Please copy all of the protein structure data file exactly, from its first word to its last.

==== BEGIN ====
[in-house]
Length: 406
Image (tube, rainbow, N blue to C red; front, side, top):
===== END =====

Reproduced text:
[in-house]
Length: 406
Image (tube, rainbow, N blue to C red; front, side, top):